19 August 2017

Ethiopia: Norway Pledges Fresh Finance for Climate Resilience

The government of Norway has granted 1.74 billion Br for the implementation of Climate Resilience & Green Economy (CRGE) strategy, aiming at addressing and reducing the effects of climate change in the country. The grant comes at a time when the country faces a shortage of climate finance.

The agreement was signed between Admasu Nebebe, state minister at the Ministry of Finance & Economic Cooperation (MoFEC), and Andreas Gaarder, Ambassador of the Royal Norwegian Government in Ethiopia on August 16, 2017.

The partnership agreement was made to implement the second phase of the Ethiopia-Norway climate partnership agreement between 2017 and 2020.

It is the second contribution by Norway for the same purpose since the launch of the strategy in 2011 during the administration of the late Prime Minister Meles Zenawi, who had a leading role in international climate negotiations on behalf of African nations. By that time Norway had pledged 50 million Br donations to Ethiopia.

The strategy aims at developing a carbon neutral and climate resilient middle-income country by 2025. It targets to reduce emissions and increase climate resilience in eight key sub-sectors including energy, buildings and cities, soil based emissions, livestock, transport, industry and health.

CRGE is expected to serve a supportive document for the implementation of the project of Reducing Emission from Deforestation and Degradation, a.k.a REDD+ investment program, a framework that extends financial rewards towards developing countries which manage to reduce emissions by maximising the conservation of forests.

It was first launched 10 years ago during the conference of the United Nations Framework Convention on Climate Change (UNFCCC).

The newly signed agreement will be implemented in line with the Ethiopian REDD+ Investment program, whose primary target is to reduce carbon emissions through reforestation of plants, according to Admasu.

"We will ensure the fund will be used for the mutually agreed purposes as defined in the program document," said Admasu.

The fund will be used to foster prevention of deforestation and degradation across 660,000ha of natural forest in the South-West Forest blocks in the Southern Nations, Nationalities & Peoples' Regional State (SNNPR), Gambella, and parts of Oromia Regional State.

The fund is expected to reduce poverty, improve the livelihood of people as well as play a major role in conserving biodiversity and providing clean water, according to Admasu.

As a part of the strategy, the fund will also be allocated for community-based afforestation and reforestation on 80,000ha of land in Amhara and the Tigray regional states as well as improving the livelihood of over 75,000 households.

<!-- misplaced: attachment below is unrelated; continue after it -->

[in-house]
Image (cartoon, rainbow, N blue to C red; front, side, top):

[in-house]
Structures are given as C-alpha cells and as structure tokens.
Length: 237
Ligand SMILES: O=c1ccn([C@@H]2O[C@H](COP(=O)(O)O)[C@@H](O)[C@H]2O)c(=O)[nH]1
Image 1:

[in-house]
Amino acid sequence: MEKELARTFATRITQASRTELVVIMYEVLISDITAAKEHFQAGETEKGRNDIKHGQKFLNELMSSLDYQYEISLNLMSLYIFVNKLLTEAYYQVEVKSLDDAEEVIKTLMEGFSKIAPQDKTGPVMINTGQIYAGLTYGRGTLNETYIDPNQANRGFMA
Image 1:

"To implement the strategy successfully, a strengthened focus on innovation and new partnerships is essential," he stated.

However, despite being ambitious, implementing the strategy seems feasible for some experts.

"It is very ambitious and envisions achieving middle-income status in a green and climate resilient way when no country has ever developed in such a manner," said Haileselassie Medhin (PhD), director of Environment & Climate Research Centre at the Ethiopian Development Research Institute (EDRI).

"The fundamental question is therefore not whether this can be achieved by 2025 but rather if it can ever be accomplished," he said. "And I think the answer is yes."

Haileselassie believes that attempting what has never been done before will be challenging for the government.

"There are also challenges of institutional coordination," he said. "More work needs to be done in rolling out effective policy instruments that channel consumption and investment decisions."

Two years ago, Ethiopia aimed to limit national carbon emissions by 64pc in 2030. Last year, Ethiopia's national climate budget was estimated at roughly 440 million dollars, with investments worth tens of millions of Br acquired from international partners.

The new grant by Norway was approved five months after four countries – United States, Canada, Sweden and Germany – objected to funding a proposal to build a climate resilience economy.

This content is edited after the original content mistakenly misquoted Haileselassie Medhin (PhD), director of Environment & Climate Research Centre at the Ethiopian Development Research Institute (EDRI) as if he said that the strategy is unfeasible. We sincerely apologise for any inconvenience this mistake may have caused.


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